Little, Jean: Emma's Yucky Brother - Emma learns about being a big sister when her family adopts Max.

McCully, Emily Arnold: Grandmas at Bat - Pip's grandmothers step up to the plate when her team's coach gets chicken pox.

Thomas, Shelley Moore: Good Night, Good Knight - The Good Knight takes care of three little dragons.

Some popular series for beginning readers are:

Cazet, Denys Minnie and Moo
Howe, James Pinky and Rex
Lobel, Arnold Frog and Toad
Parish, Peggy Amelia Bedelia
Rylant, Cynthia Henry and Mudge
Sharmat, Marjorie Weinman Nate the Great
Van Leeuwen, Jean Oliver and Amanda Pig

Wednesday, May 16, 2007

PBS Parents - A Great Web Site for Grownups

Many parents know that PBS Kids is a great web site for their preschoolers to play and learn. PBS also has a section, PBS Kids Go! , for older children. In addition there are sections for grownups, one for parents and one for teachers.

PBS Parents provides a wealth of information and is well worth exploring. (Most of the information is also available in Spanish.) One area of great value is the section on "Reading and Language" which includes information about developing early literacy skills as well as information to help children already learning to read.

For families raising multilingual children, there is an article "Learning Two Languages: Questions Parents Ask." In addition to numerous articles, there are useful tools such as the "Bookfinder" which lists age-appropriate read-alouds or suggests books for children to read on their own. There is also information about starting a book club which includes discussion guides. Use the "Activity Search" in the "Fun and Games" section to find different activities that address various skills such as creative thinking or math & numbers.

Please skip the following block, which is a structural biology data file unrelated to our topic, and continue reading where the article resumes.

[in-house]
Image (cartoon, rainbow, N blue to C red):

Parent Guides explore the following topics in depth: "Child Development," "Children and Media," "Creativity," "Early Math," "Going to School," "Raising Boys," "Reading and Language," "Talking with Kids," and "Birthday Parties." The "Issues and Advice" section provides information by experts on a wide variety of topics. "Inclusive Communities" section provides a great deal of information for parents of children with special needs.

PBS Parents is a great web site for grownups. Bookmark it!

Thursday, May 10, 2007

Spring Books for Ages 2/3

The following is a list of books with spring themes for two- and three-year-olds.

Spring Things: Fran's Flower by Lisa Bruce, Waiting for Wings by Lois Ehlert and In the Rain with Baby Duck by Amy Hest.

Birds: Baby Bird by Joyce Dunbar, Little Bird by Saviour Pirotta and Will You Be My Friend? by Nancy Tafuri.

Chickens: Big Fat Hen by Keith Baker, Rosie's Walk by Pat Hutchins and Tippy-Toe Chick, Go! by George Shannon.

Colors: Cat's Colors by Jane Cabrera, Mouse Paint by Ellen Stoll Walsh and The Deep Blue Sea by Audrey Wood.

Many of these titles have bright and bold illustrations. Lois Ehlert, Keith Baker, Jane Cabrera, Nancy Tafuri, and Ellen Stoll Walsh all have other books that would appeal to two- and three-year-olds.

Amy Hest has written several other books about Baby Duck. Rosie's Walk is a classic picture book. Pat Hutchins has written several other great books such as Good Night Owl! and The Surprise Party. Audrey Wood is also the author of The Napping House and The Little Mouse, the Red Ripe Strawberry and the Big Hungry Bear.

You and you child will enjoy exploring other books by the authors on this list.

Wednesday, April 25, 2007

Rhymes That Are New - Just For You!

One of the things I enjoy doing as a children's librarian is looking at the new books as they come in. It's always useful to know what's been added to the collection. Recently I found several that I would like to share with you.

Suse MacDonald has adapted Edward Lear's A Was Once an Apple Pie. One of the skills a child needs to develop before learning to read is "phonological awareness" which is the ability to hear distinct sounds within words. Reading or reciting rhymes to a young child will help that child understand that words are made up of separate sounds. This alphabet poem is full of wordplay such as

D was once a little dog,
doggy, moggy, oggy, noggy,
waggy, woggy, little dog!

MacDonald's delightful illustrations nicely complement the text.